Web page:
Use Edges and Value the Marginal – Sustainability is about making use of all the resources that we have at our disposal. Whether we’re talking about land use, workplaces, homes or society in general, making use of all we have involves valuing fringes and fringe elements.
This might be as simple as using a neglected corner of our outside space to grow more food, or something more abstract, like thinking outside the box.
Creatively Use and Respond to Change – Finally, change is an inevitable part of life. It’s important to remember that permaculture isn’t just about now, but about the future. We design for change, understanding that things will alter over time. The changing seasons, changing attitudes, our changing climate… how we respond to these changes will shape sustainable progress in the years to come.
These principles are a starting point for an understanding of permaculture and can begin to give us an idea of how we can translate thought to action, and transition to a more ethical and truly sustainable way of life.
Each principle can be thought of as a door that opens into whole systems thinking, providing a different perspective that can be understood at varying levels of depth and application.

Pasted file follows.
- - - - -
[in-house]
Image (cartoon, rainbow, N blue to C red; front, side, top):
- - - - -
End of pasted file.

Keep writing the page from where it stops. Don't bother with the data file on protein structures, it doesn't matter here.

People and Permaculture –
Permaculture uses observation of nature to create regenerative systems, and the place where this has been most visible has been on the landscape. There has been a growing awareness though that firstly, there is the need to pay more attention to the people care ethic, as it is often the dynamics of people that can interfere with projects, and secondly that the principles of permaculture can be used as effectively to create vibrant, healthy and productive people and communities as they have been in landscapes.
Besides permaculture practitioners who study and learn about permaculture and consciously use permaculture to live in a more sustainable way, there are many people who practice permaculture without realizing it concerned environmentalists, organic gardeners, conservationists, land-use planners, urban activists, recyclers, indigenous peoples and anyone working toward creating a sustainable human civilization. The reason for this is that the philosophy of permaculture draws on a lot of ideas and practices that have been around for a long time.
The terms ecological design, sustainable design, applied ecology or green design are other terms that describe the basic philosophy of using nature as a model to foster sustainability. The difference between these approaches and permaculture is their scope and focus. Permaculture draws on these systems and incorporates them into a broader framework. Permaculture is a comprehensive system that can be applied to all aspects of one’s life although food production remains an important focus. As mentioned earlier, it is a dynamic, living philosophy that is continuing to evolve.